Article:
A prospective observational study evaluating the use of remote patient monitoring in ED discharged COVID-19 patients in NYC

Seung Mi Oh, Singh Nair, Alexander Casler, Diana Nguyen, Juan Pablo Forero, Celina Joco, Jason Kubert, David Esses, David Adams, Sunit Jariwala, Jonathan Leff

Research output: Contribution to journalArticlepeer-review


Objectives: We investigated whether continuous remote patient monitoring (RPM) could significantly reduce return Emergency Department (ED) revisits among coronavirus disease 2019 (COVID-19) patients discharged from the emergency Department. Materials and methods: A prospective observational study was conducted from a total of 2833 COVID-19 diagnosed patients who presented to the Montefiore Medical Center ED between September 2020–March 2021. Study patients were remotely monitored through a digital platform that was supervised 24/7 by licensed healthcare professionals. Age and time-period matched controls were randomly sampled through retrospective review. The primary outcome was ED revisit rates among the two groups. Results: In our study, 150 patients enrolled in the RPM program and 150 controls were sampled for a total of 300 patients. Overall, 59.1% of the patients identified as Hispanic/Latino. The RPM group had higher body mass index (BMI) (29 (25–35) vs. 27 (25–31) p-value 0.020) and rates of hypertension (50.7% (76) vs. 35.8% (54) p-value 0.009). There were no statistically significant differences in rates of ED revisit between the RPM group (8% (12)) and control group (9.3% (14)) (OR: 0.863; 95% CI:0.413–1. 803; p- 0.695). Discussion and conclusion: Our study explored the impact of continuous monitoring versus intermittent monitoring for reducing ED revisits in a largely underrepresented population of the Bronx. Our study demonstrated that continuous remote patient monitoring showed no significant difference in preventing ED revisits compared to non-standardized intermittent monitoring. However, potential other acute care settings where RPM may be useful for identifying high-risk patients for early interventions warrant further study.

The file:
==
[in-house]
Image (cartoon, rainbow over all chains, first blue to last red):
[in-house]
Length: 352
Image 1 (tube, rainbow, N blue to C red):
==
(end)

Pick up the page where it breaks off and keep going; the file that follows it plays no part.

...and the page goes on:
Original languageEnglish (US)
Pages (from-to)64-71
Number of pages8
JournalAmerican Journal of Emergency Medicine
StatePublished - May 2022


  • COVID-19
  • Emergency department
  • Hypoxia
  • Remote patient monitoring

ASJC Scopus subject areas

  • Emergency Medicine


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